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What happened

Investors in Halozyme Therapeutics (NASDAQ:HALO), a small-cap biotech focused on products that enhance drug delivery, had a 2016 to forget. The company put its shareholders on a gut-wrenching roller-coaster ride during 2016, ending the period down more than 40% from its starting point, according to data from S&P Global Market Intelligence.

HALO Chart

HALO data by YCharts.

So what

Here are some of the highlights that affected the company during the year:

  • In January, management entered into a $150 million credit agreement with Roche and Baxalta, two of the company's partners. The deal was secured by future royalties of products that are developed using the company's Enhanze technology. 
  • Later that month, management told investors that spending for the year would land between $240 million to $260 million. That range represented a $100 million increase over spending levels in 2015. In response, traders sold off shares hard.
  • In March, the first patient was dosed in a Phase 3 clinical trial that used Halozyme's investigational drug, PEGPH20, in combination with Celgene's Abraxane.
  • In June, management refinanced the company's debt, which added more than $22 million to the company's cash balance. As a result, management increased its year-end cash balance guidance.
  • In November, Halozyme announced that the FDA had accepted Genentech's application for MabThera SC, which is already approved in countries outside the U.S. MabThera SC is a co-formulation of a drug called rituximab and Halozyme's Enhanze platform. Total sales of rituximab exceed $3 billion in the States in 2015, and Halozyme is entitled to mid-single-digit royalties on any sales if MabThera SC wins approval. 
  • Also in November, news broke that both AbbVie and Pfizer had decided to discontinue development of programs that utilized Halozyme's technology. However, both companies continue to have active partnerships in place with Halozyme.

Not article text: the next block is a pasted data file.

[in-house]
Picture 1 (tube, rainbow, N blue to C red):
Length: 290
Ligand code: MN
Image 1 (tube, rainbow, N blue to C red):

Given the mix of news, it's easy to understand why the company's share price was all over the map during the year. 

Now what

Looking ahead, Halozyme continues to offer investors reasons for optimism. The company just reported intriguing results from a Phase 2 study that is testing PEGPH20 in combination with Celgene's Abraxane and Eli Lilly's Gemzar in treating patients with stage IV pancreatic cancer. This tough-to-treat disease is the third-leading cause of cancer-related deaths in the U.S. each year.

Beyond PEGPH20, the company continues to boast a who's who list of partners that are exploring a range of exciting product candidates. While we wait for those products to work their way through clinical trials, shareholders should continue to see revenue push higher over time from increased royalty revenue on sales of drugs like Herceptin SC, MabThera SC, and Hyqvia. 

All in all, I continue to believe Halozyme could be a high-risk biotech stock that's worth nibbling on. With shares currently trading at a discount, it seems like as fine of a time as any to consider getting in.

Brian Feroldi owns shares of Celgene. Like this article? Follow him on Twitter where he goes by the handle @BrianFeroldi or connect with him on LinkedIn to see more articles like this.

The Motley Fool owns shares of and recommends Celgene. The Motley Fool has a disclosure policy.